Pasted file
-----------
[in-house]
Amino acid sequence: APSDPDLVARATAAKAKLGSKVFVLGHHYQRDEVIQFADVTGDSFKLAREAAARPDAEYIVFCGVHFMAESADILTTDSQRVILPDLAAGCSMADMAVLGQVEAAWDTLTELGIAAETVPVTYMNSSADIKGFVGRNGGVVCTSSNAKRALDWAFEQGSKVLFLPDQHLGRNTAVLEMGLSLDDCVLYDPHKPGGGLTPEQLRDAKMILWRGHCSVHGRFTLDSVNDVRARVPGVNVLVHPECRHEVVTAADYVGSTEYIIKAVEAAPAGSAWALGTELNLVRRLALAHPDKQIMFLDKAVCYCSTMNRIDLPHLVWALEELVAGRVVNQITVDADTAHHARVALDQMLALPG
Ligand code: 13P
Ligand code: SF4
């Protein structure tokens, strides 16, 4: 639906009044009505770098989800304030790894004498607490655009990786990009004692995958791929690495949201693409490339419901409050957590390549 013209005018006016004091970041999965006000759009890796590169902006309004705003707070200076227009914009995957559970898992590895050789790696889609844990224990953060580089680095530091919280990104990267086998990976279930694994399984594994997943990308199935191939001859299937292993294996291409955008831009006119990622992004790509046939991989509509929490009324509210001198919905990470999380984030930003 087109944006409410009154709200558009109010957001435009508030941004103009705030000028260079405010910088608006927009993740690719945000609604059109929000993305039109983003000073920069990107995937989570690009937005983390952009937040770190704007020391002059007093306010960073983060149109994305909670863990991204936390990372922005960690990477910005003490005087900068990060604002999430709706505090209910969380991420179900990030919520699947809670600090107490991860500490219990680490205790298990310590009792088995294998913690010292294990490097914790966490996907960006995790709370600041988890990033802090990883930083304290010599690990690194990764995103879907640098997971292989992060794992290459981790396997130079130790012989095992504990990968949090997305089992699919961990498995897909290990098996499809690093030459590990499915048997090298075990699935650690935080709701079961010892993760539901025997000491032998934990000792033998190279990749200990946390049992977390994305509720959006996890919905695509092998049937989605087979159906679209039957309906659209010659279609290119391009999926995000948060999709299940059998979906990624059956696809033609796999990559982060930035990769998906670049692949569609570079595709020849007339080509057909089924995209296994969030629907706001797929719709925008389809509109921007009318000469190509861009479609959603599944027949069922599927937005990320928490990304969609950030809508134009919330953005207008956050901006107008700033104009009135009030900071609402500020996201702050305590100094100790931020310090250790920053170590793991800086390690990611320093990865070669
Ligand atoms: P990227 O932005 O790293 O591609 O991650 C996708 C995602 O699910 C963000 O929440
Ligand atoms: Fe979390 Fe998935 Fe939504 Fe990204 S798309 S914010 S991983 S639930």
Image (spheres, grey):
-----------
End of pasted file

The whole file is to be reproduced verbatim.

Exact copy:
[in-house]
Amino acid sequence: APSDPDLVARATAAKAKLGSKVFVLGHHYQRDEVIQFADVTGDSFKLAREAAARPDAEYIVFCGVHFMAESADILTTDSQRVILPDLAAGCSMADMAVLGQVEAAWDTLTELGIAAETVPVTYMNSSADIKGFVGRNGGVVCTSSNAKRALDWAFEQGSKVLFLPDQHLGRNTAVLEMGLSLDDCVLYDPHKPGGGLTPEQLRDAKMILWRGHCSVHGRFTLDSVNDVRARVPGVNVLVHPECRHEVVTAADYVGSTEYIIKAVEAAPAGSAWALGTELNLVRRLALAHPDKQIMFLDKAVCYCSTMNRIDLPHLVWALEELVAGRVVNQITVDADTAHHARVALDQMLALPG
Ligand code: 13P
Ligand code: SF4
């Protein structure tokens, strides 16, 4: 639906009044009505770098989800304030790894004498607490655009990786990009004692995958791929690495949201693409490339419901409050957590390549 013209005018006016004091970041999965006000759009890796590169902006309004705003707070200076227009914009995957559970898992590895050789790696889609844990224990953060580089680095530091919280990104990267086998990976279930694994399984594994997943990308199935191939001859299937292993294996291409955008831009006119990622992004790509046939991989509509929490009324509210001198919905990470999380984030930003 087109944006409410009154709200558009109010957001435009508030941004103009705030000028260079405010910088608006927009993740690719945000609604059109929000993305039109983003000073920069990107995937989570690009937005983390952009937040770190704007020391002059007093306010960073983060149109994305909670863990991204936390990372922005960690990477910005003490005087900068990060604002999430709706505090209910969380991420179900990030919520699947809670600090107490991860500490219990680490205790298990310590009792088995294998913690010292294990490097914790966490996907960006995790709370600041988890990033802090990883930083304290010599690990690194990764995103879907640098997971292989992060794992290459981790396997130079130790012989095992504990990968949090997305089992699919961990498995897909290990098996499809690093030459590990499915048997090298075990699935650690935080709701079961010892993760539901025997000491032998934990000792033998190279990749200990946390049992977390994305509720959006996890919905695509092998049937989605087979159906679209039957309906659209010659279609290119391009999926995000948060999709299940059998979906990624059956696809033609796999990559982060930035990769998906670049692949569609570079595709020849007339080509057909089924995209296994969030629907706001797929719709925008389809509109921007009318000469190509861009479609959603599944027949069922599927937005990320928490990304969609950030809508134009919330953005207008956050901006107008700033104009009135009030900071609402500020996201702050305590100094100790931020310090250790920053170590793991800086390690990611320093990865070669
Ligand atoms: P990227 O932005 O790293 O591609 O991650 C996708 C995602 O699910 C963000 O929440
Ligand atoms: Fe979390 Fe998935 Fe939504 Fe990204 S798309 S914010 S991983 S639930």
Image (spheres, grey):